The reporter’s voice on CBC Radio in Calgary sounded on the verge of tears, while breaking the news of the death of Calgary reporter Michelle Lang in a bombing in Kandahar province of Afghanistan on Thursday. And in the newsroom of the Calgary Herald, co-workers wept to hear of the loss of their friend, who perished with four Canadian soldiers that day.
Nobody’s grief is of special value in war. For every report of casualties, there are families crying somewhere, and Afghanistan is no different than Somalia, East Timor or any other place where people take up arms to settle differences. There is more than enough grief in this world for any population to bear, more than enough casualties, more than enough tears.
Whether the parent of a soldier, an office colleague, the spouse of a bystander or the child of someone who vanished in an instant, in grief we are all the same.
The very fact that a large and growing number of Canadians happen to know friends, or have now or sometime in the past had family members in a war zone like Afghanistan, ought to sensitize us to the human cost of war, and cause us to question the violent nature of humanity that leads us to war. Even in Canada, even in Red Deer, the grief of war is near to us.
This year just begun is supposed to be the last full year that Canada will be an active participant in the Afghanistan war. Sometime next year, the schedule calls for the troops to be returning home.
People will ask if the sacrifice has been worth it. In fact, a majority of Canadians don’t even believe Canadian leaders know what a military victory in Afghanistan would look like. Nobody’s ever seen one.
So if so few people even seem to know what it is we’re trying to accomplish, it’s natural to question why we’re even there in the first place.
Right now, it sure looks like it won’t be soldiers who bring an end to the conflict there. If anyone can do that, it will have been people more like Michelle Lang.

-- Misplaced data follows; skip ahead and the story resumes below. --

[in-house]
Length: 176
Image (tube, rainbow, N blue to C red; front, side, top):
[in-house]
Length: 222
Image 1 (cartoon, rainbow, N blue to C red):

If the word “Rwanda” has any resonance for Canadians, it’s not strictly because a Canadian general made a deal with the devil there. It’s that we heard about it that made the difference.
There are atrocities committed in hidden places every day on this planet. If a child dies in some forgotten hellhole, and no reporter brings us the story, does her mother cry any less?
Only the light of day can bring an end to the night. Newspapers carry the reports and photos of the Canadian fallen, and people question if it meant anything.
The answers aren’t to be found here. So there are a few intrepid types willing to go to the places where the answers might be found.
Last week, the first Canadian journalist — an Albertan — died in the Afghan war. Late last year, a Canadian journalist’s life — also Albertan — was spared amidst the civil strife of Somalia. These are people who help ensure that crimes cannot stay hidden, which is society’s first step toward justice.
We don’t even fully know what we’re trying to win in Afghanistan. And maybe next year, when the troops start coming home, we’ll still be asking if anything was gained.
But the answers won’t come from the soldiers or the politicians who sent them. It will come from the journalists who bear witness to the changes of this world — or the parts of this world where there is enough freedom to even allow a witness.
We’ll know that the forces gained nothing in Afghanistan if, when the troops finally pull out, reporters are restricted or banned from seeing what happens next.
One death does not weigh more than another. But one death or 100, freedom hangs on the ability to know that tyrants and terrorists cannot hide themselves forever. For that, Michelle Lang made the same sacrifice as any professional soldier. We honour her in the same way.
Greg Neiman is an Advocate editor.